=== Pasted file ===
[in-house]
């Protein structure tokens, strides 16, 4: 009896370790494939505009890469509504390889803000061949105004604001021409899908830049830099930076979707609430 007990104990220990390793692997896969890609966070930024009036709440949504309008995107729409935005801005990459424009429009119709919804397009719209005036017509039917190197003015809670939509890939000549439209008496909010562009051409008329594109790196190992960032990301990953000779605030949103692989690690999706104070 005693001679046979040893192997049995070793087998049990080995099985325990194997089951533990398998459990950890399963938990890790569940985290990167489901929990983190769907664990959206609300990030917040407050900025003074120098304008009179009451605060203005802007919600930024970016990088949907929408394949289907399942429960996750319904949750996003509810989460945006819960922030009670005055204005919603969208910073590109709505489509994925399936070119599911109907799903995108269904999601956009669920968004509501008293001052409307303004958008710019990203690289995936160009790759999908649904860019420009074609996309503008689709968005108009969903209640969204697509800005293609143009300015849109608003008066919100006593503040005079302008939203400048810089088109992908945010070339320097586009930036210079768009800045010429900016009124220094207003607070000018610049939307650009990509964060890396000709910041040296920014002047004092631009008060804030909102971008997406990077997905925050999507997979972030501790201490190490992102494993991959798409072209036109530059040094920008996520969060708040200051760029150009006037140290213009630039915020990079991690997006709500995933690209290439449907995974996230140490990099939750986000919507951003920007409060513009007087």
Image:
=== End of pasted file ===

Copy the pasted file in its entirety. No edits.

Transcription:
[in-house]
């Protein structure tokens, strides 16, 4: 009896370790494939505009890469509504390889803000061949105004604001021409899908830049830099930076979707609430 007990104990220990390793692997896969890609966070930024009036709440949504309008995107729409935005801005990459424009429009119709919804397009719209005036017509039917190197003015809670939509890939000549439209008496909010562009051409008329594109790196190992960032990301990953000779605030949103692989690690999706104070 005693001679046979040893192997049995070793087998049990080995099985325990194997089951533990398998459990950890399963938990890790569940985290990167489901929990983190769907664990959206609300990030917040407050900025003074120098304008009179009451605060203005802007919600930024970016990088949907929408394949289907399942429960996750319904949750996003509810989460945006819960922030009670005055204005919603969208910073590109709505489509994925399936070119599911109907799903995108269904999601956009669920968004509501008293001052409307303004958008710019990203690289995936160009790759999908649904860019420009074609996309503008689709968005108009969903209640969204697509800005293609143009300015849109608003008066919100006593503040005079302008939203400048810089088109992908945010070339320097586009930036210079768009800045010429900016009124220094207003607070000018610049939307650009990509964060890396000709910041040296920014002047004092631009008060804030909102971008997406990077997905925050999507997979972030501790201490190490992102494993991959798409072209036109530059040094920008996520969060708040200051760029150009006037140290213009630039915020990079991690997006709500995933690209290439449907995974996230140490990099939750986000919507951003920007409060513009007087």
Image: